News is breaking today about NATO forces killing a couple dozen Pakistani soldiers. This is likely to be a big story, is likely to have long-lasting repercussions, and is, undoubtedly, bad news.
For whatever reason, the first round of stories about this subject has come from Reuters – al Reuters to its friends. I don’t pay much attention to al Reuters these days, so perhaps I am unique in being surprised to see that it has adopted the term “war on militancy” to describe what we provincial rubes sometimes call the War on Terror. The latter isn’t the best term, and has certain propagandistic qualities, but … war on militancy? Really? The flaws of “War on Terror” can be somewhat forgiven by observing that: 1) the term was crafted during a crisis when terminology was not the number one priority, and 2) it was developed by politicians with an agenda, so of course it’s going to have propagandistic qualities. A great many war names have this quality – several European kingdoms went to great lengths not to use the US government’s term “civil war” to describe the North American hostilities between 1861-65, as those hostilities were only a “civil war” if you believe there was no right of secession.
I’m open to journalists, particularly international journalists, adopting a more neutral terminology than what our government uses. Actually, I’d kinda prefer that they would, since the neutrality of outsiders is always useful to examine ourselves. But “War on Militancy” is utter nonsense, made worse by the observation that a lot of people put a lot of effort creating it. Professional “journalists” – people who tell us that they tell stories objectively – spent years thinking about this, and the best they can do is an oxymoron? Personally, if I’m forced to pick between the nonsense jingoistic phrase of my government or the nonsense jingoistic phrase of an international news organization that has made it clear it opposes my government, I’ll take the domestic nonsense. At least it’s our nonsense.
One of the individuals charged with the Iranian plot to kill the Saudi ambassador lived near Austin, and today the local paper does a profile of him.
It is unclear how Arbabsiar spent his time in the Austin area, or if he had a job.
Muhammad Kosari, owner of Alborz Persian Cuisine on Anderson Lane, said that he recalls at least one time that Arbabsiar came into his restaurant.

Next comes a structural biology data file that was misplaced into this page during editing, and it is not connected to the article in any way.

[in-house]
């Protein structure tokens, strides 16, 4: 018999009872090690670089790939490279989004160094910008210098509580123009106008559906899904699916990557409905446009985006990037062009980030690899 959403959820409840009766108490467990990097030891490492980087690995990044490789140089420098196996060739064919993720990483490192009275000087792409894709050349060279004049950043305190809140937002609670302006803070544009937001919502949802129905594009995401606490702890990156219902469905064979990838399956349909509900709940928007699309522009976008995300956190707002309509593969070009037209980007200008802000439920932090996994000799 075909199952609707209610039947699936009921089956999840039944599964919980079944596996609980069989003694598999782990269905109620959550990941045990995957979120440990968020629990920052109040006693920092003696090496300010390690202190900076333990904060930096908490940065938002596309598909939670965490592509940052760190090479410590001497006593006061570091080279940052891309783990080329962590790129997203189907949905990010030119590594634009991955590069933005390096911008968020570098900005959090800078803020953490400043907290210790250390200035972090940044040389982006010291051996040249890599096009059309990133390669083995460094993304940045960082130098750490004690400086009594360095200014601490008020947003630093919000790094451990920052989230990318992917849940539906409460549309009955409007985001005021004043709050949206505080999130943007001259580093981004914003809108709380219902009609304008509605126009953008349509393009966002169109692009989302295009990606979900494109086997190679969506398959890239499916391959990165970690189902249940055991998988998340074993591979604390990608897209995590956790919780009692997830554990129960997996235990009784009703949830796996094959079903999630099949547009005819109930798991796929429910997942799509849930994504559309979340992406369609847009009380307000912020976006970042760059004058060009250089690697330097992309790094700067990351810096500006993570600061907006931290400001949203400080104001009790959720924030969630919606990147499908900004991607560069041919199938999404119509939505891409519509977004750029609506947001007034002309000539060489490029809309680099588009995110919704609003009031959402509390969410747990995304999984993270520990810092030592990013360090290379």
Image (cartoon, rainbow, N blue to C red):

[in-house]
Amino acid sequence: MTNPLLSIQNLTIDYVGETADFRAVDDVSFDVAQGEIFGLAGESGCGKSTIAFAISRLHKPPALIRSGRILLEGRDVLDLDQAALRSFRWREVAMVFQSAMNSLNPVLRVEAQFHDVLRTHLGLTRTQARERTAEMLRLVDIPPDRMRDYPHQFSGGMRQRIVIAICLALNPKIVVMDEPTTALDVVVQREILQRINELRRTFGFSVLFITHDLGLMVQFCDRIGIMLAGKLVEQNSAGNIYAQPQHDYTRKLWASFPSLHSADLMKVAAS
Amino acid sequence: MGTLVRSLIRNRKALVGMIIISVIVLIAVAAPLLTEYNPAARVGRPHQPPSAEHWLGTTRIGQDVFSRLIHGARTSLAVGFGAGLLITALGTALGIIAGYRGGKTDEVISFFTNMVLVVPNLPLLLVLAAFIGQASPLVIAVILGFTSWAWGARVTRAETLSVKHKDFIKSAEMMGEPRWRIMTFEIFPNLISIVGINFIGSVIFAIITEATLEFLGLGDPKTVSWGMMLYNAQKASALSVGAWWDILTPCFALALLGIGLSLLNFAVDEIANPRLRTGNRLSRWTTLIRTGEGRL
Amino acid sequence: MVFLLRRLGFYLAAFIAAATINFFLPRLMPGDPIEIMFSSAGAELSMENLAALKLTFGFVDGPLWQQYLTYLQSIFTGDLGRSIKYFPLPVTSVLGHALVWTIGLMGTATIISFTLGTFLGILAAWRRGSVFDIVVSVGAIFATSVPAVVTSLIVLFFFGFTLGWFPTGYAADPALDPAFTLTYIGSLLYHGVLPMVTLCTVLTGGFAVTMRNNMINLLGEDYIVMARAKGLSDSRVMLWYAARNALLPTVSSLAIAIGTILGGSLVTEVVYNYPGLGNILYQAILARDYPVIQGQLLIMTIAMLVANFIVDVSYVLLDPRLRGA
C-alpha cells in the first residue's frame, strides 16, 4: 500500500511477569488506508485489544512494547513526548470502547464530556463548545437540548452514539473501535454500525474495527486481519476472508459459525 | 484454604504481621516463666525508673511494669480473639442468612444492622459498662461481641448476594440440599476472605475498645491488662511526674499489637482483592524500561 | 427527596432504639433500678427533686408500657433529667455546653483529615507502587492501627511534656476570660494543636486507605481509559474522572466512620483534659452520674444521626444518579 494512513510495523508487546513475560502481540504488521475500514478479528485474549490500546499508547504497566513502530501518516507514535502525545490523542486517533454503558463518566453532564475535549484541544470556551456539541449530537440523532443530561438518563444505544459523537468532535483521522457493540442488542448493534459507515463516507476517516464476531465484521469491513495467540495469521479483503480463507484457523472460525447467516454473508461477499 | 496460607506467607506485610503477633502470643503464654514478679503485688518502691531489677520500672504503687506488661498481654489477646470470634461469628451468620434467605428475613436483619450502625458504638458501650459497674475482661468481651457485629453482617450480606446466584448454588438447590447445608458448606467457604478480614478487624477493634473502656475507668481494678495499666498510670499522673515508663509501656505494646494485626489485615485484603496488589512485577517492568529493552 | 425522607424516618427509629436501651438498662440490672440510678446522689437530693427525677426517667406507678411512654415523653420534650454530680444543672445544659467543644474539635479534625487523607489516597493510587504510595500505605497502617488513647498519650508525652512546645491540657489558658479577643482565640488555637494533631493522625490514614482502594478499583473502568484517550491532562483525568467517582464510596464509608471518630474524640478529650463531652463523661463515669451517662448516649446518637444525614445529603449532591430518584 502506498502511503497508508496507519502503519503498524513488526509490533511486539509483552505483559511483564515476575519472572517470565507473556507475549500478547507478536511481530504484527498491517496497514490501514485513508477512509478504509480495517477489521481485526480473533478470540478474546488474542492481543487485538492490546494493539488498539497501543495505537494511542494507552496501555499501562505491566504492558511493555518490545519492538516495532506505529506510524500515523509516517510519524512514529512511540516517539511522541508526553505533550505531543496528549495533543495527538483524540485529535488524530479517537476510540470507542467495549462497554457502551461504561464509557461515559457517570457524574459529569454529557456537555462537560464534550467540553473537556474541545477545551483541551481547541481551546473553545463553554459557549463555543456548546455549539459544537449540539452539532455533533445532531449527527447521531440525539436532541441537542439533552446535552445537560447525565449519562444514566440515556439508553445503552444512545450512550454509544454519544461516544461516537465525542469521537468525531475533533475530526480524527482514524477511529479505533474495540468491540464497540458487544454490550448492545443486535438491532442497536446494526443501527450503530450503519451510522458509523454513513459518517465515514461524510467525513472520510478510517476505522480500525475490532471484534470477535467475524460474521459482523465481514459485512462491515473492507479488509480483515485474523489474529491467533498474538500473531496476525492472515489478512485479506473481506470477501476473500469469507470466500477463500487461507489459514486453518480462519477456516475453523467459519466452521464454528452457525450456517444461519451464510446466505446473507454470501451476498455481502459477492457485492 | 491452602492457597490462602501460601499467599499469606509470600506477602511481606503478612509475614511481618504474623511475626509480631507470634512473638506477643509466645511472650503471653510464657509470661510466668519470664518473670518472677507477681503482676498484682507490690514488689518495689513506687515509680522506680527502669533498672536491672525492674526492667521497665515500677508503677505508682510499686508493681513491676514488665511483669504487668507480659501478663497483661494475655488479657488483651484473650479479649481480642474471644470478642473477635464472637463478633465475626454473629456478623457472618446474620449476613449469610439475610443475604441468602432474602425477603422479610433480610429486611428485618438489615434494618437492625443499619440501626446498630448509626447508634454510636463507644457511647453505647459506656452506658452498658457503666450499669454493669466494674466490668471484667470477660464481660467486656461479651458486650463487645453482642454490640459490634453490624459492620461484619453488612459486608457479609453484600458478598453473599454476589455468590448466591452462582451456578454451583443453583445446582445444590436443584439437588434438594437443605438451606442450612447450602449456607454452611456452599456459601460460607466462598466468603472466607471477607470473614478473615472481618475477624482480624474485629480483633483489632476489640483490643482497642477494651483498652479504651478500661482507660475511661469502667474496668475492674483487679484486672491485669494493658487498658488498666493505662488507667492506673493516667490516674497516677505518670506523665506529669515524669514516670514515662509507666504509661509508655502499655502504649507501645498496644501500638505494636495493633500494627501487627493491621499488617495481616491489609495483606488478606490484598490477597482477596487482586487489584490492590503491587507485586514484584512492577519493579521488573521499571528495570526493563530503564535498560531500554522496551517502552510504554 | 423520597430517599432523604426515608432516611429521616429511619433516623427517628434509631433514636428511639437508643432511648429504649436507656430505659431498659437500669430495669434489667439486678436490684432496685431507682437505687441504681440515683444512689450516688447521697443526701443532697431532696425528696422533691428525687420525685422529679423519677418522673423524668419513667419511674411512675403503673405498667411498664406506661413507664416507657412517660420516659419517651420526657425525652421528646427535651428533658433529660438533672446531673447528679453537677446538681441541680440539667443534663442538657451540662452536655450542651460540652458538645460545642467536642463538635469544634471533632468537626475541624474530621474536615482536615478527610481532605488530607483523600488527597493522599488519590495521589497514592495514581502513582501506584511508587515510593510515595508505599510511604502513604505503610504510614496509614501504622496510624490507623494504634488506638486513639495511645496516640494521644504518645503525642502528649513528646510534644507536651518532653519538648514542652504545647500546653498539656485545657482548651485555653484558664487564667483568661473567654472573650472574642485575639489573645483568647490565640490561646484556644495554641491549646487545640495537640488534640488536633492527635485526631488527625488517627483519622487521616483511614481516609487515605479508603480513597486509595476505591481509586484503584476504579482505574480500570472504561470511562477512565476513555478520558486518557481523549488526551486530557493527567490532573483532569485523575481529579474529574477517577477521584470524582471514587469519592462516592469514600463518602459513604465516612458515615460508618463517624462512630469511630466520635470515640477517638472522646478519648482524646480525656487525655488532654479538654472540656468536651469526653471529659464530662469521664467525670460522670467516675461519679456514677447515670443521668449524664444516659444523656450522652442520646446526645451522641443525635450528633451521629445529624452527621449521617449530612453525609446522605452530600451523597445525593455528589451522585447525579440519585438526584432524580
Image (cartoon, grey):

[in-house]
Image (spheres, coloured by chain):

“He started talking nonsense about going to Iran and getting Persian girls,” Kosari recalled.
He said Arbabsiar told him: “Over there you can pay 50 bucks and have a Persian girl.”
Kosari, who is from Iran, said he considered the statements disrespectful and told Arbabsiar to leave.
Sam Roostaie, who with his wife owns Pars Mediterranean Supermarket and Cuisine on Burnet Road, said he, too, was offended by Arbabsiar, who has come to his restaurant regularly over the past several years.
Roostaie, who is also Iranian, said that Arbabsiar would “make fun of people” and say other offensive things.
The Statesman story quotes this story from a San Antonio paper, which is even harsher:
“He couldn’t even pray, doesn’t know how to fast. He used to drink, smoke pot, go with the prostitutes,” Hosseini said, laughing with a clerk at his market in downtown Corpus Christi. “His first wife left him because he would lose his keys every other day. … This guy is not a mastermind.”
Though if he is inept, Arbabsiar isn’t the only boob mentioned in the story:
Neighbors, however, said it had been years since Arbabsiar lived in the stucco house he once shared with his wife on a suburban cul-de-sac. They said it appeared as many as 10 people were living in the house, and lately there had been some signs of suspicious activity: When residents looked for available Wi-Fi networks, names like “FBI Van 1” would pop up.
A $4 trillion government, and our leading anti-terrorism agency is pumping out wi-fi signals that announce the presence of its surveillance van.
Common sense does not mistake the difference between victory and defeat: the losers weep and cower, while the winners strut and rejoice. The losers have to change their ways, the winners feel more secure than ever in theirs. On September 12, retiring Texas Senator Phil Gramm encapsulated this common sense: “I don’t want to change the way I live. I want to change the way they live.” Common sense says that victory means living without worry that some foreigners might kill us on behalf of their causes, but also without having to bow to domestic bureaucrats and cops, especially useless ones. It means not changing the tradition by which the government of the United States treats citizens as its masters rather than as potential enemies. Victory requires killing our enemies, or making them live in debilitating fear. . . .
Let us first examine the attitudes and policies of the U.S. government that guarantee defeat—in fact, are defeat itself. Then we will be able to see more clearly what victory would look like, and how it could be achieved.
Read on for a useful thought experiment about what might have been.
Stanley Kurtz has some links and analysis about how our raid into Pakistan to kill bin Laden is playing out in Pakistan itself. The NYT story he links to is particularly worth reading (and here is the WaPo story, which he mislinked). I’ve been concerned about this more or less since I heard the happy news of OBL’s death. There is a non-zero chance that the good that came from killing him will be overwhelmed by the harm of a strong anti-American backlash in Pakistan.